A bill that would require City agencies to publish all Freedom of Information Law correspondence and the records and data it produces will be introduced to the City Council on Wednesday. "Justice Brandeis had it right: Sunshine is the best disinfectant," the bill's main sponsor Manhattan Councilmember Ben Kallos said.

A public, searchable, internet-based "FOIL portal" that has been adopted in cities like Chicago and Oakland is what Public Advocate Bill de Blasio recommended following his report released last year [PDF] that graded the responsiveness of various City agencies to FOIL requests.

Speaking to the Gotham Gazette, a mayoral spokesman was more circumspect about what Mayor de Blasio thinks of the legislation: "The mayor's office applauds the broad objective and intent of the bill, [and are] looking forward to reviewing the legislation more closely."

While the Gotham Gazette piece focuses on what might happen if FOIL requests from competitive New York news outlets instantly become public, the majority of requests come from private citizens.

"Many people make FOIL requests because the records have an impact on their lives," says Robert Freeman, the executive director of the state's Committee on Open Government. Freeman tells us such an open database can present problems.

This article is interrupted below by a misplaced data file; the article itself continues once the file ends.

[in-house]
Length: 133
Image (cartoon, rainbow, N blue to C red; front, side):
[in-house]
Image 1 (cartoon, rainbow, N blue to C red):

"Generally speaking, the thrust of this proposal is very positive, but there are any number of situations where people will request records that have really no significant, intrinsic value to the public—people will ask about an issue with respect to receiving public assistance, or they'll write to the Department of Education about issues concerning their children. There are certainly privacy considerations here."

Additionally, the idea that transparency alone automatically translates into action on the part of obstinate City agencies is perhaps misguided. De Blasio recognized this a year ago when in addition to recommending the FOIL database, he called for agencies to be fined for non-compliance.

The NYPD's track record of treating FOIL requests with outright disdain has been well-documented for years.

Just two weeks ago we published an article detailing the mayor's dubious rejection of our FOIL request for records of communication between his office and his mayoral supporter, Bishop Orlando Findlayter. That article has not prompted any response from the Mayor's Office; a database is unlikely to change that suspect determination.

Proponents of the bill say that these privacy issues can be ironed out in committee, where the bill is likely to face some changes.

"Transparency around FOIL requests is integral for government accountability," Councilmember Kallos says. "We should all see what information is requested and what is made public.”